Thursday, 20 August 2020

Working up with Google Kubernetes Engine in Google Cloud Platform

In this article, we will learn How to get started with GKE i.e. Google Kubernetes Engine in Google Cloud Platform. GKE provides the easiest and simplest way to set up the Kubernetes cluster. Kubernetes (K8s) is an Open Source system for automating deployment, scaling, and management of the containerized applications.

Few Articles, which I already wrote and might be helpful for you if you are beginning with Google Cloud Platform are:


Let’s begin:

Step 1:

Log in to the Google Cloud Platform by visiting https://console.cloud.google.com/ (Google provides $300 as a free trial, but for that, you need to link your credit card).

Once logged in, you will be redirected to the dashboard of the Google Cloud Platform.
Step 2:
Before creating a Kubernetes cluster, we need to make sure that Kubernetes Engine API and Container Registry API. Click on Dashboard Submenu available under API & Services Menu.
Search Kubernetes Engine API and Container Registry API and make sure that both API Status is Enabled.


Step 3:

We can create the Kubernetes Cluster either by Google Cloud Shell or with Google Cloud Console.  Let’s see how to create the Kubernetes cluster in both ways. Click on Google Cloud Shell Icon in order to connect with google cloud through the command line.

For ease, let’s Set up the environment variable MY_ZONE and pass the zone in which we want to create our Kubernetes Cluster. We can also pass the zone directly in the command without using the environmental variable.

Step 4:
Create the Kubernetes Cluster with the below command in Google Cloud Shell.
gcloud container clusters create <NAME_OF_CLUSTER> --zone $MY_ZONE –num-nodes 2
You can also pass the –machine-type if want a specific machine type configuration in the above command. On running the above command, you will see the message like shown in the below image on the successful creation of the Kubernetes Cluster.
We can also check the Cluster by clicking on Clusters submenu of the Kubernetes Engine menu.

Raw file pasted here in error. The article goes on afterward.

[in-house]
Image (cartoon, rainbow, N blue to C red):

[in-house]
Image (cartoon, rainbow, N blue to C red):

You can see the Kubernetes Cluster created by us in the above steps with Cluster size as 2.
We can also create the Kubernetes Cluster by clicking on the create cluster button and providing the Cluster Details like Cluster Name, Location as well as details related to the Nodes like the size of Nodes, enable autoscaling.

Now, Let’s check the VM Instances created by Clicking VM Instances Sub menu in Compute Engine Menu. You can clearly see that 2 VM Instances are up and ready for use.

Step 5:

Kubernetes command-line tool i.e. Kubectl allows us to run the command against the Kubernetes cluster. In case you need to check the kubectl version use kubectl version command.

Let’s deploy the Nginx image with the kubectl command as shown below. You can use an image as per your need. In Kubernetes, all containers run in a pod. If pod count not provided, a single pod will be created.

Now let’s check the status of the pods with kubectl get pods command. In the below image, you can clearly see the status of the Pod is running.
Once all pods are in running state, we can expose the ngnix cluster as an external service. Expose the ngnix cluster as an external service. The below command will create a network load balancer to balance the network traffic.
Now, run kubectl get services and check the External_IP assigned against the Load balancer. It will take around a minute to see the value of External_IP. If not shown, wait for a minute and re-run the command to check again the External_IP.
Step 6:
Visit the external IP to see that server is being served through the load balancer.
We can scale up pods running for the service with the below command.
Once executed, we can check the number of pods with the kubectl get pods command. We can clearly see that now pods count is increased to 3.
Let’s again check the external IP associated with load balancer service with the kubectl get services. On Increasing the pods/replica, our associated external I.P. is not affected.

Again, access the application with the browser by using the external I.P. Address. Our application is still running in perfect condition after scaling up the application. 

I hope this article will help you in getting started with Google Kubernetes Engine in Google Cloud Platform.

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